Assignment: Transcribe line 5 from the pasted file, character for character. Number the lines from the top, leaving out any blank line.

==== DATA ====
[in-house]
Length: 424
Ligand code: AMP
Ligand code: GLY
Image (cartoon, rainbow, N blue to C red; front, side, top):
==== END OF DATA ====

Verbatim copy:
Image (cartoon, rainbow, N blue to C red; front, side, top):